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Should personal care attendants staff nursing homes full time?

Anyone with a parent in a nursing home knows how critical nursing home staff can be. We want our elderly loved ones to be given care from only the most well-trained, professional staff and medical experts. When people with less training and medical knowledge, like personal care attendants (PCAs), are put on nursing home staffs full-time, the quality of care could suffer greatly.

A New Bill Proposed in Florida

It looks like the level of care required for nursing home staff could take a significant hit. According to the Orlando Sentinel back in February, a new bill could allow nursing homes to staff PCAs full time. This story was confirmed by WCJB20 online, which states that the Florida House of Representatives have given temporary approval to this plan.

Although this proposal might not seem groundbreaking on the surface, there are significant issues if this bill is passed into law.

Support for The Bill

Most likely, this bill is gaining support from the owners and operators of nursing homes who are interested in minimizing overhead. However, as the Orlando Sentinel article mentions, these owners are usually for-profit organizations looking more at their profitability than at providing the highest level of care to their residents.

Problems With This Bill

The Sentinel article makes it clear that PCAs are not nurses. Their training and expertise are not even close to what well-trained nurses offer. In fact, qualification to work as a PCA requires merely eight hours of training.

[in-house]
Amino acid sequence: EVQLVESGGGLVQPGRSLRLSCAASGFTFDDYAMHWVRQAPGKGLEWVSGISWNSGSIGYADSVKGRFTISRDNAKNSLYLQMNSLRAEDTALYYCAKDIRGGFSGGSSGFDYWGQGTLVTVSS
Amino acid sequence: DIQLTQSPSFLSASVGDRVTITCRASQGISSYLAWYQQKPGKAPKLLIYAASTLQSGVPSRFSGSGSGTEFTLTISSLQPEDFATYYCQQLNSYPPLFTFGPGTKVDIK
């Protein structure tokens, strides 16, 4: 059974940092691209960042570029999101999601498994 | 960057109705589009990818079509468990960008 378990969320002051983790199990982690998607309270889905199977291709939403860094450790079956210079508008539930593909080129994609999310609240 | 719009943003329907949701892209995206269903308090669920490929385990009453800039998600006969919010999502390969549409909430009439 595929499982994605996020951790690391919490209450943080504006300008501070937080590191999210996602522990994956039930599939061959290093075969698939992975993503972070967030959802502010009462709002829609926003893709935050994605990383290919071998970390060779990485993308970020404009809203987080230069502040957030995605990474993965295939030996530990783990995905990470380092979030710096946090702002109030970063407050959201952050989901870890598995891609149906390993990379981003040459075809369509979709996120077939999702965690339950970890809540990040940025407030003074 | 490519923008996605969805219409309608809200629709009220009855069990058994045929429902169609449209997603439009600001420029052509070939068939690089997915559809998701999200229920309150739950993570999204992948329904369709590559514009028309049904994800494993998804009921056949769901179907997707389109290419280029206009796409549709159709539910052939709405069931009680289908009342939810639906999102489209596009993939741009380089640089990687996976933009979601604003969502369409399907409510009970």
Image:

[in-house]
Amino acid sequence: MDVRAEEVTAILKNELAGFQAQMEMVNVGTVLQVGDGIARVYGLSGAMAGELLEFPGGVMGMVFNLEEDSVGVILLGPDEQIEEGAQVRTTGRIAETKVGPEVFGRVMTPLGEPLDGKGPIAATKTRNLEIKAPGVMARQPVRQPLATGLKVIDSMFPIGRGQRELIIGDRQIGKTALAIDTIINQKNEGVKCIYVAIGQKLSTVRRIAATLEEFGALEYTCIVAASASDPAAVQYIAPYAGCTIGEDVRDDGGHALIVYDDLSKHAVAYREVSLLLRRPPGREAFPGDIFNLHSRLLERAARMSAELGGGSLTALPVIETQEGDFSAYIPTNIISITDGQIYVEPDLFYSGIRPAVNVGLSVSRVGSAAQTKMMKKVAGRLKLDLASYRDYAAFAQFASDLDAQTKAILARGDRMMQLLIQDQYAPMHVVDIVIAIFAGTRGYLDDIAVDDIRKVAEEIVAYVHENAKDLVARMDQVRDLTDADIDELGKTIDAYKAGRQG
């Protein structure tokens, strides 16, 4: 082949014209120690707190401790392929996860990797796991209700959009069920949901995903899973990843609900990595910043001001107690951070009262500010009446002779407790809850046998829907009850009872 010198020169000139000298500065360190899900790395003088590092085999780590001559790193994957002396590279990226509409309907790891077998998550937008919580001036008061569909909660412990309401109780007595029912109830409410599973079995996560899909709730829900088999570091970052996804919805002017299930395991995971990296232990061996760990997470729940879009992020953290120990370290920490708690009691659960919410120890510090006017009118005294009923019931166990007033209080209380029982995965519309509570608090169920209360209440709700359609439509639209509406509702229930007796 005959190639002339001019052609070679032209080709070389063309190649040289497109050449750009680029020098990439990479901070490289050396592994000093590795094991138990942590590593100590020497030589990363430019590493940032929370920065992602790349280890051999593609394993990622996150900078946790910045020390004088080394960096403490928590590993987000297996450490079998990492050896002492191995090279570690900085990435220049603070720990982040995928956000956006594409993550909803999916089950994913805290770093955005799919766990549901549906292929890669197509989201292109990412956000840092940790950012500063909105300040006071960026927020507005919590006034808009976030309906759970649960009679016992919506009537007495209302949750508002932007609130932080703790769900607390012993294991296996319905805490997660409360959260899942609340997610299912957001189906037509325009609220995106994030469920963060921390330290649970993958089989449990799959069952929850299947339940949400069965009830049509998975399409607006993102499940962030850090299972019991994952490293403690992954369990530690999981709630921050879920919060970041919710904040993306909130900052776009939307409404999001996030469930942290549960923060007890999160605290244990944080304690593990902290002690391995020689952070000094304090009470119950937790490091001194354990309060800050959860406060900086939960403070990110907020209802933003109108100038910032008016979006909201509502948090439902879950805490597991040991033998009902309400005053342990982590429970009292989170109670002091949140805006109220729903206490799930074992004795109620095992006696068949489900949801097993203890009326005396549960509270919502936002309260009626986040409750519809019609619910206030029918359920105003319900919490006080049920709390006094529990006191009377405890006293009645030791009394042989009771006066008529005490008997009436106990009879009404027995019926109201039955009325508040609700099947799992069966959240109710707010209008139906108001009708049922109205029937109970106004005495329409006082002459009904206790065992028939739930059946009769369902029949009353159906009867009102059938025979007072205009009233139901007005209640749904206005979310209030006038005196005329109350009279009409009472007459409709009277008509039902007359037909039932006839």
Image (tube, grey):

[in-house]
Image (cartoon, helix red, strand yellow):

There are significant problems in this bill when it comes to the care of residents.

Having non-medical professionals providing full time care for elderly nursing home residents could result in:

  • Greater likelihood of mistakes in administering medications
  • Less likelihood of handling medical emergencies appropriately
  • Less ability to recognize developing health problems in residents
  • Greater difficultly in providing appropriate daily care, much of which requires medical knowledge and experience
  • Greater challenges providing the specialized care required by residents with major issues like Alzheimer’s disease, feeding tubes or wheelchairs

This list represents a small sampling of potential problems that could arise if this bill is passed into law.

The fact is that a bill like this being passed into law would result in drastically reduced quality of care for elderly residents throughout the state of Florida.

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